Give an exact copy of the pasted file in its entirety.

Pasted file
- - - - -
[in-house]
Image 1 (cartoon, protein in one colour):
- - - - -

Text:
[in-house]
Image 1 (cartoon, protein in one colour):